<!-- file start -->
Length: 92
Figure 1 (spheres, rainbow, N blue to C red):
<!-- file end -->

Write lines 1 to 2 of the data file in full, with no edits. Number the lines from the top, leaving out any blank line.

Length: 92
Figure 1 (spheres, rainbow, N blue to C red):